Bill Keller, former executive editor of the New York Times, devoted his latest Sunday Review column on the evil that is the Rupert Murdoch-owned Fox News: "Murdoch’s Pride Is America’s Poison ."
(Times Watch has documented  the long anti-Fox, anti-Murdoch obsession of both Keller and Howell Raines, another former executive editor, which recently culminated in the paper's heavy front-page coverage of Murdoch's travails in Britain.)
On Sunday, Keller used news of three upcoming books about Fox News Chairman Roger Ailes to bash Fox. After describing the unfolding "crisis" around Rupert Murdoch in Britain, he made his segue across the Atlantic:
In this beleaguered family of news enterprises, Fox is the good son. It is the most reliable profit center, expected to net a billion dollars this fiscal year. It is untainted so far by the metastasizing scandals. It is a source of political influence more durable than Murdoch’s serial romances with British prime ministers. This year the Fox News Primary probably did more to nominate Mitt Romney than New Hampshire or Michigan.
And yet I would argue that -- at least for Americans -- Fox News is Murdoch’s most toxic legacy.
The liberal Keller unconvincingly argued that his beef with Fox had nothing to do with the network's position as the sole right-leaning news channel:
My gripe against Fox is not that it is conservative. The channel’s pulpit-pounding pundits, with the exception of the avuncular Mike Huckabee, are too shrill for my taste, but they are not masquerading as impartial newsmen. Nor am I indignant that Fox News is the cultural home of the Republican Party and a nonstop Obama roast. Partisan journalism, while not my thing, has a long tradition. Though I do wonder if the folks at Fox appreciate that this genre is more European than American.
My complaint is that Fox pretends very hard to be something it is not, and in the process contributes to the corrosive cynicism that has polarized our public discourse.
I doubt that people at Fox News really believe their programming is “fair and balanced” -- that’s just a slogan for the suckers -- but they probably are convinced that what they have created is the conservative counterweight to a media elite long marinated in liberal bias. They believe that they are doing exactly what other serious news organizations do; they just do it for an audience that had been left out before Fox came along.
After confessing a few relatively minor errors (but not liberal bias) on behalf of the press, Keller defended the ethics of his non-Fox colleagues.
But we try to live by a code, a discipline, that tells us to set aside our personal biases, to test not only facts but the way they add up, to seek out the dissenters and let them make their best case, to show our work. We write unsparing articles about public figures of every stripe -- even, sometimes, about ourselves. When we screw up -- and we do -- we are obliged to own up to our mistakes and correct them.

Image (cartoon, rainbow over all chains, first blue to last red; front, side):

For a year and a half a journalist named Gabriel Sherman has been gathering material for a book on Ailes. He writes mostly for New York magazine, the kind of irreverent urban venue from which Ailes would naturally expect no kindness, but Sherman’s work is densely reported and not innuendo-laden or agenda-driven. (He has written a fair amount about The Times, and pulled no punches.) He may be 32, but he’s old-school.
Sherman, predictably, was rebuffed.
Keller later relayed his sole example of New York Times fairness -- a Times Sunday Magazine profile of Rush Limbaugh by outside contributor Zev Chafets -- and demonstrated remarkable oversensitivity while defending Sherman from a mild observation by Chafets.
Early this year, Sherman learned of a third entry in the Ailes book-a-thon. Zev Chafets was racing to finish an Ailes biography with the cooperation of the subject. Chafets had won favor among conservatives when he wrote a magazine profile of the radio fire-breather Rush Limbaugh, a profile so evenhanded that Limbaugh subsequently cooperated as Chafets expanded it into a best-selling book.
By the way, that evenhanded profile was published in The New York Times. And I can easily imagine a similarly fair-minded portrait running on NBC or CNN or NPR. Can anyone imagine Fox airing an unloaded profile of anyone left of center? Say, Nancy Pelosi?
But Chafets couldn’t resist mentioning -- twice -- that Sherman has a fellowship from “a George Soros-funded institution.” Actually, the fellowship in question is from a nonpartisan foundation that gets a minuscule share of its funding (0.5 percent this year) from Soros, the liberal billionaire, and Ailes’s own collaborator, James Pinkerton, was also a fellow at the foundation. But in the Fox mind-set, Soros is a boogeyman, so this is like insinuating that Sherman is on the payroll of the Socialist International.
That’s journalism, Fox-style.
So "Fox-style" journalism means accurate reporting?
Chafets' profile was indeed fair, as Times Watch recognized  at the time. One who found it far too even-handed was Times reporter and critic Janet Maslin, who tastelessly accused Chafets of suffering from "a case of Stockholm syndrome ."